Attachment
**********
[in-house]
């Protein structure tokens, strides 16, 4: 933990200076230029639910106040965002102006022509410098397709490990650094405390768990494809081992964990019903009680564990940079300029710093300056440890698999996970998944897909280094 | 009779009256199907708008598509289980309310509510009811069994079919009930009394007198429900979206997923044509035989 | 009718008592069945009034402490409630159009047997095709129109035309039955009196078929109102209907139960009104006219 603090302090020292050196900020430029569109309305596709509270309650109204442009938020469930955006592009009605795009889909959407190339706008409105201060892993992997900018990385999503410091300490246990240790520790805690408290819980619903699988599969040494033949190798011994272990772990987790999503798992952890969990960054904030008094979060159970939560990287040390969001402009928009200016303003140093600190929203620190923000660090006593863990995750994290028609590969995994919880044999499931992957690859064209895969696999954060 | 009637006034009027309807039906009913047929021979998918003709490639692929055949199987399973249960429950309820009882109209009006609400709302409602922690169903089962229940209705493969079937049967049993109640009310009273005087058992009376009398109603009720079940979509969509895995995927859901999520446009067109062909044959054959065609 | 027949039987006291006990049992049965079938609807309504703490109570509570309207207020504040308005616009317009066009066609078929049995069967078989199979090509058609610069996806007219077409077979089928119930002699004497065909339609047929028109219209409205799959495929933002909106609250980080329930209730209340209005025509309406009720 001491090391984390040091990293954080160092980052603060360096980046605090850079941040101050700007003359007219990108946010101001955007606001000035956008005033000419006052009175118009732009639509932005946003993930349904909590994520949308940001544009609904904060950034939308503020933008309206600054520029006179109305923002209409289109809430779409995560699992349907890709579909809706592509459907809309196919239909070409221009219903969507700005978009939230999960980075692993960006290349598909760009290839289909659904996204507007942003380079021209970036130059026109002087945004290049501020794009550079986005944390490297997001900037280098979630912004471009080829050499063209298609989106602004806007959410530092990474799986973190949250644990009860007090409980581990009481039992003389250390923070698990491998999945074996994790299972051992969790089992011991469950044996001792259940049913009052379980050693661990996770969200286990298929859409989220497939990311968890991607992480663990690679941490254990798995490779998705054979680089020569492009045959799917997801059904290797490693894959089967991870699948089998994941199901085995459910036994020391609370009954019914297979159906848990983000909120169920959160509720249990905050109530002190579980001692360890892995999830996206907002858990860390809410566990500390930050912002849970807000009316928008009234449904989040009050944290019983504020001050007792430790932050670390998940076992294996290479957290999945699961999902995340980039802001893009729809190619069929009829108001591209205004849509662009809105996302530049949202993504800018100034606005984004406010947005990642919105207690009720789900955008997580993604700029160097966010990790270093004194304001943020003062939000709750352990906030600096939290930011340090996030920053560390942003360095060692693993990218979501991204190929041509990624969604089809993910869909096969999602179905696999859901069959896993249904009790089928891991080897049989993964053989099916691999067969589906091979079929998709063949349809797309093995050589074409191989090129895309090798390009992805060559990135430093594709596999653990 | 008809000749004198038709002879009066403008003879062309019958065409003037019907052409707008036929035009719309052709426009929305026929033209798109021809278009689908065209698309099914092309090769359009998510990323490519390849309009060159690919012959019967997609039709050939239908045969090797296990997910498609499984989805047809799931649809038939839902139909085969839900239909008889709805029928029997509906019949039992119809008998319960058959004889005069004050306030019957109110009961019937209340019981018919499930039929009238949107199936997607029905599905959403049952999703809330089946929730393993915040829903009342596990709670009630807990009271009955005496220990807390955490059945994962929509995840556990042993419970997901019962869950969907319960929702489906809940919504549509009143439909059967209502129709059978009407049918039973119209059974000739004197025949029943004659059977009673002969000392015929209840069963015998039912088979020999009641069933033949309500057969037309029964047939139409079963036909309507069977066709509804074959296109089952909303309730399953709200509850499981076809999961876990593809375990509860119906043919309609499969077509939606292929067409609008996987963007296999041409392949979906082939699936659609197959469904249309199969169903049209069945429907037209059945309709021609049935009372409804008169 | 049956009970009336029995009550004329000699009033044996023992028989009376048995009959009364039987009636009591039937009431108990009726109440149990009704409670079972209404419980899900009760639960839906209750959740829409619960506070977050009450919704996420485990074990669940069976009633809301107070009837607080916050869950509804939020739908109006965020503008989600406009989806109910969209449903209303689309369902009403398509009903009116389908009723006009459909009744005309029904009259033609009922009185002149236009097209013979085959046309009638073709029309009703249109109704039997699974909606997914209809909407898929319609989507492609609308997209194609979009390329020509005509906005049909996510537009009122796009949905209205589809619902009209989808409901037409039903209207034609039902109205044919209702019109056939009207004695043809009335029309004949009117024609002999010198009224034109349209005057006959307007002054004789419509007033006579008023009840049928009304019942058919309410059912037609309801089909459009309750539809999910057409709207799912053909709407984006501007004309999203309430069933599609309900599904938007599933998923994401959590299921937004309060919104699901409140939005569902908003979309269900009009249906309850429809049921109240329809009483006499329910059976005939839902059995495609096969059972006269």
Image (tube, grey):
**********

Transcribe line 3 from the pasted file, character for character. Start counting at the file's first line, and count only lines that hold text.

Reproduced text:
Image (tube, grey):